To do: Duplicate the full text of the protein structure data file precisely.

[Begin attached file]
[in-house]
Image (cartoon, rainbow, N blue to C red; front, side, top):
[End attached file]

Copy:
[in-house]
Image (cartoon, rainbow, N blue to C red; front, side, top):